How Smithfield's Poultry Market will look when it reopens

Pictured: How iconic Smithfield’s Poultry Market will look when it reopens as home of the Museum of London in 2025

  • The new site is due to be bigger, with a large covered area for public events
  • READ MORE: Furious butchers chase animal rights activists out of London’s Smithfield meat market as attempted demo ends in farce

The historic Smithfield Market on Grand Avenue has been shut since November last year. 

Smithfield’s 1960s poultry market and annex is due to reopen as home of the Museum of London, who are moving just half a mile from their old location at London Wall.

The Museum of London’s former building, located near the iconic Barbican, was due to be replaced by a concert hall, but the project has been paused. 

The new site is due to be particularly bigger, including a large covered area for events and it will allow more room for exhibitions. 

Despite its history, the 800-year-old market recieved only a fraction of the footfall of Covent Garden, Bloomberg reports.

A new wholesale mega-market is also due to open in 2027 at Dagenham Dock, which is 42-acres.

The meat sellers from Smithfield’s market will merge to this new plot with New Billingsgate and New Spitalfields, which are wholesale fish, fruit and flower markets.

However, the Evening Standard reported that traders said this move will ‘profoundly impact’ their businesses. 

Paul Williams, Director of Stanton Williams Architects, who are designing the new space, said: ‘We are immensely excited about being given the opportunity to work with the Museum of London on this wonderfully challenging project – participating in an endeavour that will transform an area of London that has such a rich history, but sadly has been in decline for many years.’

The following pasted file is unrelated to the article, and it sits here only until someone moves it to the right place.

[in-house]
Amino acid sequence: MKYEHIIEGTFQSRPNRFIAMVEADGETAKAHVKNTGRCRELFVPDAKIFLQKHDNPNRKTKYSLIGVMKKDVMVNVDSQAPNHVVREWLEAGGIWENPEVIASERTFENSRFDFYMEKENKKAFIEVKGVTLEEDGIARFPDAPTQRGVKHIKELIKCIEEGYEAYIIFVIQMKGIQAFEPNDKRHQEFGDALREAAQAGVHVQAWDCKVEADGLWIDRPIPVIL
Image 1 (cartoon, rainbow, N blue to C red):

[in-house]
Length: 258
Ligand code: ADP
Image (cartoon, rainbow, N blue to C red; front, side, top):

A design of what the exterior look like when it has been redesigned as the Museum of London’s new home

Smithfield is the largest and oldest EU approved wholesale meat market in the country. 

The large London market, designed by architect Sir Horace Jones, is over 140 years old, set up in 1860 by an Act of Parliament on Charterhouse Street. Livestock, however, has been traded on the site for around 900 years. 

Originally known as Smoothfield, the area was a large open space just outside the city boundaries on the edge of St Bartholomew’s Priory, used as a vast recreational area in the 12th century where jousts and tournaments took place. 

By the late Middle Ages the area had become the most famous livestock market in the country.

Smithfield was used as a place of execution for criminals, including Wat Tyler, leader of the Peasants’ Revolt, and Scottish hero William Wallace, from the early 13th century. 

It was also the location of Bartholomew Fair – three days of three days of merrymaking, dancing, selling and music which over the centuries became the most debauched and drunken holiday in the calendar.     

The market was closed during the Second World War for storage purposes, and to act as the theatre of secret British government experiments – and was even bombed during the Blitz.

Its original Poultry Market, now a Grade-II listed building was destroyed by a fire in 1958, but was reopened in the 1960s.  

Source: Read Full Article